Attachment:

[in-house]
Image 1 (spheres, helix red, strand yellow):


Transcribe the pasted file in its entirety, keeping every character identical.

[in-house]
Image 1 (spheres, helix red, strand yellow):